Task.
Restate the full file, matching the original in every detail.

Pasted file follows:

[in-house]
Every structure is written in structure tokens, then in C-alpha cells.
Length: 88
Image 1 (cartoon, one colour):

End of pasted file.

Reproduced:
[in-house]
Every structure is written in structure tokens, then in C-alpha cells.
Length: 88
Image 1 (cartoon, one colour):